In Gibson general merchandise, our general merchandise sales continue to grow nicely in both absolute terms and as a percentage of our overall business. Categories with the most significant growth included; Apparel, where a wide assortment of T-shirts and Hats from licensed media driven pop culture properties, including Duck Commander, Dr. Who and the Big Bang Theory drove strong sales growth; novelty gifts, where those same media-related properties joined with strong nonbranded trend merchandise to drive positive results; toys, led by Lego and a host of strong licensed property like Star Wars, Angry Birds and Minecraft; and Inspirational Gifts, where solid results were delivered across nearly all segments of the category.

Now looking ahead to the second quarter, there's no doubt we're going to continue to face extraordinary headwinds in our core book business as we anniversary the phenomenal success of E L James' Fifty Shades of Grey. The publishing lineup continues to look fairly modest, with the notable exception of the May release of Dan Brown's new thriller, Inferno. Other highlights include new fiction from Khaled Hosseini, Dean Koontz, Glenn Beck and Stephen King, as well as new nonfiction offerings in Joseph Ellis, W.H.(sic) [H.W.] Brands, Chris Kyle and the legendary NBA coach, Phil Jackson. We expect that pop-culture trends that have been so successful the last few quarters will continue to drive sales, and as always, we will remain focused on providing our customers with the value and service they expect, while managing the fundamentals of inventory and expense control.

I will now be happy to answer any questions you might have.

Question-and-Answer Session

Operator

[Operator Instructions] And we do have a question from Harsha Gowda from Blue Shore Capital.

Harsha Gowda

So a quick question for you, with the Borders stores that were acquired in 2011, have they hit the comp base for this last quarter?

R. Todd Noden

They have.

Harsha Gowda

Okay, so the comp store sales incorporate those new stores?

R. Todd Noden

Yes.

Harsha Gowda

Okay, so I was just wondering, because I would imagine that since those stores were brought out of liquidation, they would have been very easy comps. Was that the case or --

R. Todd Noden

I think these stores -- those stores tracked pretty much in line with the rest of the Superstore group.

Harsha Gowda

Considering -- I bring this question up, I think, every time we have a call, but considering the performance on a comp basis, I've also seen that there's a considerable amount of plans to expand. Why is it that we're pursuing this expansion strategy still, with the fact that comp store sales are declining at such a rate?

Terrance G. Finley

Well, I think, as -- I've been asked these questions and the way we've answered, and we firmly believe this, all of the real estate opportunities are local. And we look at the various geographies and if we see that there's a good need for the property and the product that we offer, then we look at those. We do extensive analysis and we make decisions on entering those markets. So we'll stand by that.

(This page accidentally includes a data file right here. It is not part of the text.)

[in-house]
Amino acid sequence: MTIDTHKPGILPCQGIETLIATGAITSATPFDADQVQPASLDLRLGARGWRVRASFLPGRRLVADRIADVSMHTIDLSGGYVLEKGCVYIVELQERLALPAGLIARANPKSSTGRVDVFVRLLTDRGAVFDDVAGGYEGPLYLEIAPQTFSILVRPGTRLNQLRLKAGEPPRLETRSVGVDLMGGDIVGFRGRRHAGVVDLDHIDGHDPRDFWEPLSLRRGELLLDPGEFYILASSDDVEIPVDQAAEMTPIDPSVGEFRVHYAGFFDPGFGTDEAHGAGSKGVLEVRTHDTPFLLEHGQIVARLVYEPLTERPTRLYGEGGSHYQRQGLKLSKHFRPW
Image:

Harsha Gowda

Okay, so the expectation is, these stores will end up being profitable and the sales trend will turn. Is that the expectation, going forward to the rest of this year? Because we did have a profitable year last year, and I'm hoping that will be the case again this year.

R. Todd Noden

Well as you know, Harsha, we don't give forward guidance on what we see for the rest of the year. And again, we look at the profitability of those stores on an individual basis, and we're comfortable with the investments that we've made today.

Harsha Gowda

Okay, great. Then, can you give me an idea of what today's share count is, just to get an idea of how many shares have been repurchased?

R. Todd Noden

To date, we have repurchased about 800,000 shares.

Harsha Gowda

Okay, and the current share count?

R. Todd Noden

I don't have the current share count. It's just below -- it should be just below 15 million shares outstanding.

Harsha Gowda

Okay, great. That's very impressive. And finally --

R. Todd Noden

Harsha, we've repurchased 766,000 shares through the 20th of May.

Harsha Gowda

Okay, great, then we're below 15 million shares. Great. Now a quick question about -- Best Buy is up to, I'm sure you guys have seen, they've had to slash their entertainment offering: Books, video, music. From what I've heard from conference calls and my discussions with them, is that they're going to slash their store space by 50% or more. Considering that, that could be something very attractive for Books-A-Million, have you guys started thinking about how you can implement that?

R. Todd Noden

I'm sorry, Harsha, you broke up during the question. Could you ask that again?

Harsha Gowda

I'm sorry, and so, Best Buy is planning to cut their store space dedicated to entertainment sales by 50%. I know they have nearly $4 billion in entertainment sales, that includes books, music, video. So have you guys started to implement a strategy to get some of those sales? That even a little bit of that would make a huge difference, and I know that there's some overlap in store locations. Have you started thinking about that, because I believe this process will be complete by fall of this year, which could really position you guys well for the Christmas season.

Terrance G. Finley

Well I would just say, as you know, we have invested in broadening the offerings inside the box, including some of the categories that you're talking about. Obviously, books have a variety of different dynamics going on with them. I think it's important to note in this quarter that, whereas we've spent a long time over the last couple of years talking about the cannibalization of the book business by digital, this current experience is really a change in that, the challenges now are the old-fashioned kind. They're about comparisons to the prior year publishing schedule and so, we see less effects from that cannibalization. So as we meander through -- or not meander, as we have managed our way through the transition in the physical space in the stores, we've reallocated space for many new categories. You hear us talk a lot about the general merchandise categories, the media categories, electronics, accessories, et cetera, that do so, to light [ph] to the spot we're talking about. The size of that option, we will have to see if we move forward, but...